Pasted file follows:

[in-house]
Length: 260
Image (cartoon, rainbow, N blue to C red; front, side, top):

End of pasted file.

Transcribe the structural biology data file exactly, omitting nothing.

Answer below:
[in-house]
Length: 260
Image (cartoon, rainbow, N blue to C red; front, side, top):